Cheryl Richardson’s (2012) The Art of Extreme Self-Care: Transform Your Life One Month at a Time. In this book, individuals and/ or groups can work together to reflect and create real change in their lives. This particular book walks the reader through affirmations, to creating healing space, and learning to set limits with the “absolute no” process.

Another great work to support nurse’s on their healing journey and consciousness evolution process is Joan Borysenko’s (2012) Fried: Why You Burn Out and How to Revive. In this book, Dr. Borysenko, a pioneer in the research that emerged from Harvard’s Mind Body Institute, shares her own burn out scenarios and a step-by-step reflective process to help readers revive by examining their childhood roots of burnout, personality traits that may predispose us to burnout, and the revival process needed to move beyond burnout.

Creating work groups or informal groups that can share this healing process may be helpful, though certainly one can also work through this process on their own.

For those looking for what I might call a deeper journey toward the state of evolutionary consciousness a text entitled Integral Life Practice: A 21st Century Blueprint for Physical Health, Emotional Balance, Mental Clarity, and Spiritual Awakening (2008, Ken Wilber et al) may prove to be a challenging and useful endeavor. This book walks one through the lived process of addressing psychological shadow issues, while also focusing on the mind-body-spirit processes needed to support evolutionary consciousness growth.

III. Seek out counseling

As most nurses know, we want to support the healing of others through caring, which is the heart of nursing practice. But if this task becomes one of control and co-dependence, our workplaces may even morph into lateral violence as we reenact the patterns of our dysfunctional family’s and painful childhood experiences. Through work with the right counselor, we may find that we are able to identify these patterns, observe them, heal them, accept them, and detach from them as we create new ways of being. At this juncture, we then create new patterns for coping. Additionally, tools such as EMDR can help one to create new neural pathways of peace and well-being to attend to when life is stressful, rather than continuing to enter into old habits of fight or flight ad the ensuing dysfunctional behaviors that tend to dictate our reactions in unhealthy manners.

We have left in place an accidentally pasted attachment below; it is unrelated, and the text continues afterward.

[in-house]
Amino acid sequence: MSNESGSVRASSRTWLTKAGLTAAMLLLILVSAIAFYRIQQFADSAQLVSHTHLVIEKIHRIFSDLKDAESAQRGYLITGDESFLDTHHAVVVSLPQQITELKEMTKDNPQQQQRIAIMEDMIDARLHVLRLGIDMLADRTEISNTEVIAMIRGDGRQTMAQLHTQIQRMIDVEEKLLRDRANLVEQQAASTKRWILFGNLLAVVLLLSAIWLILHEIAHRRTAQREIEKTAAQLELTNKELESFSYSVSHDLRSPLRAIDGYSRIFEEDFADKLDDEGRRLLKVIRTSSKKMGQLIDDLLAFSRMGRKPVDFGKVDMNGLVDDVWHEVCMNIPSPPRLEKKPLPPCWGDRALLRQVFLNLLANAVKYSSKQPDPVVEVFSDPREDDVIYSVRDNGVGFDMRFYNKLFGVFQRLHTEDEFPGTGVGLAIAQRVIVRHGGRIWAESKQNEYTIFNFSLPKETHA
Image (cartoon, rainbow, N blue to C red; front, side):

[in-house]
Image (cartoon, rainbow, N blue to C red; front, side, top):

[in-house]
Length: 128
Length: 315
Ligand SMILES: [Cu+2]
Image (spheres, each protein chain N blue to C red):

IV. Evolve your consciousness: The ancient tools

For many centuries, people have searched for ways to relief their suffering and find ways to grow spiritually and evolve their consciousness. We are only now coming to the point where we can link these endeavors to the PNI response; organizations such as the Harvard’s Benson- Henry Institute for Mind-Body Medicine, UCLA’s Mindfulness Awareness Research Center and the Center for Neurobiology of Stress, and The Institute of Noetic Sciences have taken the lead in this area.